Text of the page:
The killing of Trayvon Martin, an unarmed African American teenager from Florida—and the jury’s subsequent acquittal of George Zimmerman, the white man who shot him. The fatal shooting of Michael Brown, an unarmed African American teenager from Ferguson, Missouri, by white policeman Darren Wilson—and the decision by a grand jury not to indict the officer. The massacre of nine African Americans by a white supremacist at a Charleston church in June 2015. These are just a sampling of violent racially charged incidents that have taken place over past three years.
These episodes have sparked rage, disillusionment, sorrow, resentment, and confusion. According to a New York Times/CBS News pollconducted last month, nearly six in 10 Americans, including majorities of both white and black people, think race relations in the US are generally bad, and nearly four in 10 say the situation is worsening.
Yet in spite of this awareness and introspection, our country is still incapable of a coherent, intelligent national conversation about race. Indeed, the subject of race is so sensitive and so volatile that most people are apt to avoid it altogether. Why is that?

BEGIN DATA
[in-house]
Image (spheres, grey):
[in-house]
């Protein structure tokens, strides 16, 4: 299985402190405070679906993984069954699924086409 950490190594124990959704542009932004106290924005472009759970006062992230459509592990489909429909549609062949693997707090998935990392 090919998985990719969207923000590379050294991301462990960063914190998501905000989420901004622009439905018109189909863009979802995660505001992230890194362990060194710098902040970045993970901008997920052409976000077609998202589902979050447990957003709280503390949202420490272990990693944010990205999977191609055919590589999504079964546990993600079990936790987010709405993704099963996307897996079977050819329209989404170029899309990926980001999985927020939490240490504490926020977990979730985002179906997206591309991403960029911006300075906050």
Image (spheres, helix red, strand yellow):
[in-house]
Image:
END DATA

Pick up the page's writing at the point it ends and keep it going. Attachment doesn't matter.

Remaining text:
My new book,* Parenting Your Child with Autism, is, in many ways, the book I wish I’d received all those years ago when my oldest son was first diagnosed. In the ten years since then, I’ve come to realize that my MIT training in science and management can help parents of children with autism. My co-author, Dr. Blaise Aguirre, and I packed this book with information and advice that we think will help parents choose the right treatments, educational approaches, and developmental goals for their child.
Let’s not sugarcoat this: parenting a child with autism will never be easy. Even with our book in hand, parents will still struggle with making tough choices amid incomplete information, limited funds and time to try new and different things, and not enough sleep.